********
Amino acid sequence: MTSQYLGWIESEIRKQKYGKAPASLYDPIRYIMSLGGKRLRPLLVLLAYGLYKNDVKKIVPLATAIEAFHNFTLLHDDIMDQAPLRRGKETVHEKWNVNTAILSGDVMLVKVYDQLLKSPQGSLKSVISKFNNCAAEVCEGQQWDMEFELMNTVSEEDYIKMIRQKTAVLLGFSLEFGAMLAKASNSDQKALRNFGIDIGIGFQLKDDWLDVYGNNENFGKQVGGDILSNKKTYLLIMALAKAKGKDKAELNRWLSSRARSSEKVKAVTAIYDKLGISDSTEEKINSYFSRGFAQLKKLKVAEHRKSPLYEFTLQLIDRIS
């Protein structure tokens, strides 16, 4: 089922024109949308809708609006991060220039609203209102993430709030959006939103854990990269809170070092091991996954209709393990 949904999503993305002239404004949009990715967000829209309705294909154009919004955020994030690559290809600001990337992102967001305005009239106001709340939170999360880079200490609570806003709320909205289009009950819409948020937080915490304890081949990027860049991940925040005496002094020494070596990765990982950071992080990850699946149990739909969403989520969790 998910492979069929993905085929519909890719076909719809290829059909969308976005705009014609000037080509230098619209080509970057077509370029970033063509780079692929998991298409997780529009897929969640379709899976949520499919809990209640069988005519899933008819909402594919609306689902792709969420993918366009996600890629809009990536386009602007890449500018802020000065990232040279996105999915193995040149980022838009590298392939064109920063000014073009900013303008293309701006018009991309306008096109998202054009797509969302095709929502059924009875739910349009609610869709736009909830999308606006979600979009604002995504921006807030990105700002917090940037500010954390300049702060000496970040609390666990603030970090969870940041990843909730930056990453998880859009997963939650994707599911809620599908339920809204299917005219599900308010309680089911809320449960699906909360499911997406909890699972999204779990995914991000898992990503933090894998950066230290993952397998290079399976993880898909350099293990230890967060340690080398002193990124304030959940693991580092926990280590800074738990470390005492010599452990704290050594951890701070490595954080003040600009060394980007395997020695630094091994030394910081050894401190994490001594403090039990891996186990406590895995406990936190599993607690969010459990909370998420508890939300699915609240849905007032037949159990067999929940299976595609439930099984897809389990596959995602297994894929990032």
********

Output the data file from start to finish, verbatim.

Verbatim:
Amino acid sequence: MTSQYLGWIESEIRKQKYGKAPASLYDPIRYIMSLGGKRLRPLLVLLAYGLYKNDVKKIVPLATAIEAFHNFTLLHDDIMDQAPLRRGKETVHEKWNVNTAILSGDVMLVKVYDQLLKSPQGSLKSVISKFNNCAAEVCEGQQWDMEFELMNTVSEEDYIKMIRQKTAVLLGFSLEFGAMLAKASNSDQKALRNFGIDIGIGFQLKDDWLDVYGNNENFGKQVGGDILSNKKTYLLIMALAKAKGKDKAELNRWLSSRARSSEKVKAVTAIYDKLGISDSTEEKINSYFSRGFAQLKKLKVAEHRKSPLYEFTLQLIDRIS
């Protein structure tokens, strides 16, 4: 089922024109949308809708609006991060220039609203209102993430709030959006939103854990990269809170070092091991996954209709393990 949904999503993305002239404004949009990715967000829209309705294909154009919004955020994030690559290809600001990337992102967001305005009239106001709340939170999360880079200490609570806003709320909205289009009950819409948020937080915490304890081949990027860049991940925040005496002094020494070596990765990982950071992080990850699946149990739909969403989520969790 998910492979069929993905085929519909890719076909719809290829059909969308976005705009014609000037080509230098619209080509970057077509370029970033063509780079692929998991298409997780529009897929969640379709899976949520499919809990209640069988005519899933008819909402594919609306689902792709969420993918366009996600890629809009990536386009602007890449500018802020000065990232040279996105999915193995040149980022838009590298392939064109920063000014073009900013303008293309701006018009991309306008096109998202054009797509969302095709929502059924009875739910349009609610869709736009909830999308606006979600979009604002995504921006807030990105700002917090940037500010954390300049702060000496970040609390666990603030970090969870940041990843909730930056990453998880859009997963939650994707599911809620599908339920809204299917005219599900308010309680089911809320449960699906909360499911997406909890699972999204779990995914991000898992990503933090894998950066230290993952397998290079399976993880898909350099293990230890967060340690080398002193990124304030959940693991580092926990280590800074738990470390005492010599452990704290050594951890701070490595954080003040600009060394980007395997020695630094091994030394910081050894401190994490001594403090039990891996186990406590895995406990936190599993607690969010459990909370998420508890939300699915609240849905007032037949159990067999929940299976595609439930099984897809389990596959995602297994894929990032």